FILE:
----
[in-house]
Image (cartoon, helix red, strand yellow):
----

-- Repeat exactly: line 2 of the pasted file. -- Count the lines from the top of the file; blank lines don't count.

Image (cartoon, helix red, strand yellow):